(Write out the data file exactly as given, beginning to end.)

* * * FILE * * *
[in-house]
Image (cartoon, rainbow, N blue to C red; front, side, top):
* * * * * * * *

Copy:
[in-house]
Image (cartoon, rainbow, N blue to C red; front, side, top):